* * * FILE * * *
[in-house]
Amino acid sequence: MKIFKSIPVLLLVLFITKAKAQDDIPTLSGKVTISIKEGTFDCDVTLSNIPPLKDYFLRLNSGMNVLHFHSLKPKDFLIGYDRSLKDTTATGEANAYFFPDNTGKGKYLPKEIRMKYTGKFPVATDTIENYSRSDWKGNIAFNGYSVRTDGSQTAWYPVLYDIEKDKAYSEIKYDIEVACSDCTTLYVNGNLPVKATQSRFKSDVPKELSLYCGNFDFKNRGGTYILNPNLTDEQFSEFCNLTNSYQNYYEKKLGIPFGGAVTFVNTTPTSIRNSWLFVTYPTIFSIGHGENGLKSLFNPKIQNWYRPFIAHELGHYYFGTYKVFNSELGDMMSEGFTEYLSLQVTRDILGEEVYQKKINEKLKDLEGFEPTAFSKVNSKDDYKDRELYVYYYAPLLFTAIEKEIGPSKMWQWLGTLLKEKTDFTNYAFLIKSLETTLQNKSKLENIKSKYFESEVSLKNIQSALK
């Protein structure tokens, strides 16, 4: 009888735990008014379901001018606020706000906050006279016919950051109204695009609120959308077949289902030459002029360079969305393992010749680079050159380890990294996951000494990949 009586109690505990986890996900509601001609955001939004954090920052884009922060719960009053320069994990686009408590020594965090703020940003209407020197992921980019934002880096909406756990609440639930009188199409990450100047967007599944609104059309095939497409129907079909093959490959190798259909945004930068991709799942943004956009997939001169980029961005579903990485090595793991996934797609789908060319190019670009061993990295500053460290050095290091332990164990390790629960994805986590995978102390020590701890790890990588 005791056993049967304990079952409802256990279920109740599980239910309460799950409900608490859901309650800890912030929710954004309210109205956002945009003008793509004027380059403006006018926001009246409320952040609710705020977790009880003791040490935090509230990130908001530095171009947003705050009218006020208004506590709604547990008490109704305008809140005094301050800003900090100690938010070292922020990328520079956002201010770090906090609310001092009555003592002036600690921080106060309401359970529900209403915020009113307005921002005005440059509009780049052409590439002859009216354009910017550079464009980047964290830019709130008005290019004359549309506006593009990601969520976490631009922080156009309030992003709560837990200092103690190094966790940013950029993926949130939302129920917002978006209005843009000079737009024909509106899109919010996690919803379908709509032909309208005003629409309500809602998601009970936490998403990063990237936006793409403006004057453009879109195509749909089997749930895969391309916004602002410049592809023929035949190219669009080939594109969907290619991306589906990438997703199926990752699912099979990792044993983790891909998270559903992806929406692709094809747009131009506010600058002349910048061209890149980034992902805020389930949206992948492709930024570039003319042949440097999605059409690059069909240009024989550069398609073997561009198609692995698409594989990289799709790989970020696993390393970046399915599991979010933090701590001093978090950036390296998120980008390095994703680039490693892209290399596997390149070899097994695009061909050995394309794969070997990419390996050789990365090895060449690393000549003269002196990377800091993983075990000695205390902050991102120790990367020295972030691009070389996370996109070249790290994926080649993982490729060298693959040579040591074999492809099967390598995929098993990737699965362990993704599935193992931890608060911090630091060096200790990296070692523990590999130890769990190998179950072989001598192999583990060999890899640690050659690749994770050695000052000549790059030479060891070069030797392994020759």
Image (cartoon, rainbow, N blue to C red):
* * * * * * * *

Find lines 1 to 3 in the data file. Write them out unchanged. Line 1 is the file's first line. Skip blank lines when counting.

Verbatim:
[in-house]
Amino acid sequence: MKIFKSIPVLLLVLFITKAKAQDDIPTLSGKVTISIKEGTFDCDVTLSNIPPLKDYFLRLNSGMNVLHFHSLKPKDFLIGYDRSLKDTTATGEANAYFFPDNTGKGKYLPKEIRMKYTGKFPVATDTIENYSRSDWKGNIAFNGYSVRTDGSQTAWYPVLYDIEKDKAYSEIKYDIEVACSDCTTLYVNGNLPVKATQSRFKSDVPKELSLYCGNFDFKNRGGTYILNPNLTDEQFSEFCNLTNSYQNYYEKKLGIPFGGAVTFVNTTPTSIRNSWLFVTYPTIFSIGHGENGLKSLFNPKIQNWYRPFIAHELGHYYFGTYKVFNSELGDMMSEGFTEYLSLQVTRDILGEEVYQKKINEKLKDLEGFEPTAFSKVNSKDDYKDRELYVYYYAPLLFTAIEKEIGPSKMWQWLGTLLKEKTDFTNYAFLIKSLETTLQNKSKLENIKSKYFESEVSLKNIQSALK
């Protein structure tokens, strides 16, 4: 009888735990008014379901001018606020706000906050006279016919950051109204695009609120959308077949289902030459002029360079969305393992010749680079050159380890990294996951000494990949 009586109690505990986890996900509601001609955001939004954090920052884009922060719960009053320069994990686009408590020594965090703020940003209407020197992921980019934002880096909406756990609440639930009188199409990450100047967007599944609104059309095939497409129907079909093959490959190798259909945004930068991709799942943004956009997939001169980029961005579903990485090595793991996934797609789908060319190019670009061993990295500053460290050095290091332990164990390790629960994805986590995978102390020590701890790890990588 005791056993049967304990079952409802256990279920109740599980239910309460799950409900608490859901309650800890912030929710954004309210109205956002945009003008793509004027380059403006006018926001009246409320952040609710705020977790009880003791040490935090509230990130908001530095171009947003705050009218006020208004506590709604547990008490109704305008809140005094301050800003900090100690938010070292922020990328520079956002201010770090906090609310001092009555003592002036600690921080106060309401359970529900209403915020009113307005921002005005440059509009780049052409590439002859009216354009910017550079464009980047964290830019709130008005290019004359549309506006593009990601969520976490631009922080156009309030992003709560837990200092103690190094966790940013950029993926949130939302129920917002978006209005843009000079737009024909509106899109919010996690919803379908709509032909309208005003629409309500809602998601009970936490998403990063990237936006793409403006004057453009879109195509749909089997749930895969391309916004602002410049592809023929035949190219669009080939594109969907290619991306589906990438997703199926990752699912099979990792044993983790891909998270559903992806929406692709094809747009131009506010600058002349910048061209890149980034992902805020389930949206992948492709930024570039003319042949440097999605059409690059069909240009024989550069398609073997561009198609692995698409594989990289799709790989970020696993390393970046399915599991979010933090701590001093978090950036390296998120980008390095994703680039490693892209290399596997390149070899097994695009061909050995394309794969070997990419390996050789990365090895060449690393000549003269002196990377800091993983075990000695205390902050991102120790990367020295972030691009070389996370996109070249790290994926080649993982490729060298693959040579040591074999492809099967390598995929098993990737699965362990993704599935193992931890608060911090630091060096200790990296070692523990590999130890769990190998179950072989001598192999583990060999890899640690050659690749994770050695000052000549790059030479060891070069030797392994020759």